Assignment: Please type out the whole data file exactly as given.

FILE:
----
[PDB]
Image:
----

[PDB]
Image: